God-given human dignity and freedom threaten rulers who seek to dominate others, build empires, enslave, and colonize. Those with the audacity to resist, who dare to move from the fear of totalitarianism to freedom and dignity – people in Georgia and Ukraine, Belarus and Kazakhstan – are mercilessly punished.

“A voice was heard in Ramah, sobbing and loud lamentation; Rachel weeping for her children, and she would not be consoled, since they were no more.” (Mt. 2,18) After eight years of war initiated by Russia, Ukraine has lost a substantial part of its territory.14,000 people, including children, have been killed, 1.5 million have been internally displaced, several hundred thousand agonize near the frontline, and millions suffer from post-traumatic stress. There are 400,000 traumatized veterans of the Ukrainian-Russian war and thousands who have lost their loved-ones.

Since February 2014, Revolution of Dignity on the Maidan, when 100 peaceful protestors were killed in cold blood in Kyiv, Ukrainian society has lived under a cloud of mourning and grief. Just one of our brother bishops in Ukraine, Stefan Sus, has officiated at 134 funerals of Ukrainian soldiers. Every city and town, and hundreds of villages, have fresh graves – sons and sisters, husbands and daughters, fathers, and grandfathers who gave their lives for what God promises to every human being – freedom and dignity.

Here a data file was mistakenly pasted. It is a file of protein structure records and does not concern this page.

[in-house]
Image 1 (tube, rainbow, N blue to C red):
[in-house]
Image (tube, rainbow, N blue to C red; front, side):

The war in Ukraine is real. It kills, maims, and destroys daily. An escalated Russian invasion will generate additional millions of refugees, more dead and injured, more tears and pain. Still, the people of Ukraine courageously endure. As they stand with a gun to their head, they ask for our solidarity.

What can we do?

Pray. Pray for peace and justice in Ukraine. God is the Lord of history and the Lover of Humankind. His grace changes the most hardened hearts. Ukraine was brutally invaded, its territory annexed, the society traumatized. May God convert the promoters of violence. The Lord miraculously liberated the peoples of the Soviet Union without war. May God protect Ukraine and her people from further harm. May God’s gift of human dignity be honoured and protected.

Be informed. Know the facts and fight falsehood in a public debate being warped by Russian disinformation. Inform others. The world cannot look away; you should not look away. Seek and share the truth, which gives authentic freedom and wisdom.

Support. There is a huge humanitarian crisis in Ukraine. People near the frontline often lack the basics – clean water, fuel, food, clothes, medicine. Heal the wounds. Help the victims of this senseless invasion.

“Give ear to my prayer, O God; And hide not thyself from my supplication…

I am distraught by the noise of the enemy, Because of the oppression of the wicked…

But I will trust in thee”

(Ps. 55, 1,2-3; 23) 

+ MYKOLA BYCHOK, CSsR

Eparch of Melbourne

 

Given in Melbourne at our Cathedral of the Holy Apostles Peter and Paul,

on the 26th day of January, in the Year of Our Lord 2022,

the Holy Martyrs Hermylus and Strat.

This post is also available in: Ukrainian